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Surgical Pulmonary Embolectomy Versus Catheter-directed Thrombolysis in the Treatment of Pulmonary Embolism: A Non-inferiority Study (Lungembolism)

The safety and scientific validity of this study is the responsibility of the study sponsor and investigators. Listing a study does not mean it has been evaluated by the U.S. Federal Government. Know the risks and potential benefits of clinical studies and talk to your health care provider before participating. Read our disclaimer for details. Identifier: NCT03218410
Recruitment Status : Recruiting
First Posted : July 14, 2017
Last Update Posted : March 5, 2020
University of Bern
Schweizerische Herzstiftung
Information provided by (Responsible Party):
University Hospital Inselspital, Berne

Brief Summary:

Acute pulmonary embolism (PE) is a serious and potentially lethal condition. The clinical spectrum of PE spans from asymptomatic PE to patients with severe hemodynamic compromise. The main determinant of outcome is right ventricular dysfunction caused by the abrupt rise in pulmonary vascular resistance. Patients with hemodynamic compromise are at highest risk of mortality (>15%). Hemodynamic stable patients with imaging and biomarker evidence of right ventricular (RV)- dysfunction are at intermediate-high risk of mortality (3-15%). According to the European Society of Cardiology (ESC) guidelines reperfusion therapy options for patients at high risk and at intermediate-high risk include systemic thrombolysis, catheter-directed therapy or surgical embolectomy.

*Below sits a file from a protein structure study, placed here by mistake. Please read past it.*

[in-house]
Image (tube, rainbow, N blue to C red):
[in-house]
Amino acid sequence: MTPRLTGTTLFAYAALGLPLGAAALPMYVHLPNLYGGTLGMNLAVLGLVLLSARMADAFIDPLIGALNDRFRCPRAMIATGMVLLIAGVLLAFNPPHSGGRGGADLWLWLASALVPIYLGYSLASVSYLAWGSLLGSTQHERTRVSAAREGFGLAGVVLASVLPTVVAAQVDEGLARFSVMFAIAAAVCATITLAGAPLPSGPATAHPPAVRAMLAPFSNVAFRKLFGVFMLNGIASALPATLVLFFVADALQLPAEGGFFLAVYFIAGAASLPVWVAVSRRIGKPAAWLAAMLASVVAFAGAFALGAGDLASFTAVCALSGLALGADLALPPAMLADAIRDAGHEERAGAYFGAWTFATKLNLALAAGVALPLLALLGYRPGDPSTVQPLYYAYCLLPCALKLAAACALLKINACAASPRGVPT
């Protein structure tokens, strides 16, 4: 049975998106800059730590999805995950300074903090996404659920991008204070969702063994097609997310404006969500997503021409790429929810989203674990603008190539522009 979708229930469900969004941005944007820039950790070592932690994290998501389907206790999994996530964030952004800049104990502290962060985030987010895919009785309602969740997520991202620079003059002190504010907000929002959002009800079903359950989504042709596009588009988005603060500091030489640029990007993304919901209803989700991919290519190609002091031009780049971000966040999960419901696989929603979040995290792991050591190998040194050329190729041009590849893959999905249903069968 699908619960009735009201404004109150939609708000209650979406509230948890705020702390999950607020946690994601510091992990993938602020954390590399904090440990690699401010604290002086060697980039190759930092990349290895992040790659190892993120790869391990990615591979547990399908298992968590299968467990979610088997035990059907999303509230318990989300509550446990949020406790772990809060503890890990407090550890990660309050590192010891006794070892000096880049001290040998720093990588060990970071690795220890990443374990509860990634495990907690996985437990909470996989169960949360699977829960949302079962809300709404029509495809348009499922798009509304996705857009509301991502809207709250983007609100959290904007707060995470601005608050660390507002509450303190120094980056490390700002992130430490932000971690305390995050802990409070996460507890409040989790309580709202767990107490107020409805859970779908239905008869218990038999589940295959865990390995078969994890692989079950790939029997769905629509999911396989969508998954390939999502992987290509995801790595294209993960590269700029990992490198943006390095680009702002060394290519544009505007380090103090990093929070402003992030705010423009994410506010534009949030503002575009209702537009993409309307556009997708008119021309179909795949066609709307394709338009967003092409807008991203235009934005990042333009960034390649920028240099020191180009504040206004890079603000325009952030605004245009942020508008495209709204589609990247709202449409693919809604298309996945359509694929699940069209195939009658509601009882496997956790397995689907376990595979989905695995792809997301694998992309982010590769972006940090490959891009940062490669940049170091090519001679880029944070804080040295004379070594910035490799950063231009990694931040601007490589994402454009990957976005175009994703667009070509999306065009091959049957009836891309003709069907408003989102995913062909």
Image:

The University Hospital of Bern is the only tertiary care hospital in Switzerland that has established an interdisciplinary pulmonary embolism response team (PERT since 2010) and has gained expertise in both catheter-directed thrombolysis and surgical embolectomy. Since the introduction of PERT, systemic thrombolysis was no longer performed in Bern due to the high risk of intracranial hemorrhage. Favorable clinical outcomes of the patients managed in Bern have been published for both catheter-directed therapy and surgical embolectomy.

To date, no study has ever compared catheter-directed thrombolysis versus surgical pulmonary embolectomy in the treatment of high and intermediate-high risk PE patients.

Condition or disease Intervention/treatment Phase
Acute Pulmonary Embolism (PE) Procedure: surgical pulmonary embolectomy Combination Product: catheter-directed thrombolysis Not Applicable

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Study Type : Interventional  (Clinical Trial)
Estimated Enrollment : 60 participants
Allocation: Randomized
Intervention Model: Parallel Assignment
Intervention Model Description: Monocentric, randomized, open-label, controlled, clinical, non-inferiority trial.
Masking: None (Open Label)
Primary Purpose: Treatment